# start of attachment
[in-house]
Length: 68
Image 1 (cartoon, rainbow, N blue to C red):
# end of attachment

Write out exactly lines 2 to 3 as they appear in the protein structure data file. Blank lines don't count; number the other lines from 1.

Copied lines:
Length: 68
Image 1 (cartoon, rainbow, N blue to C red):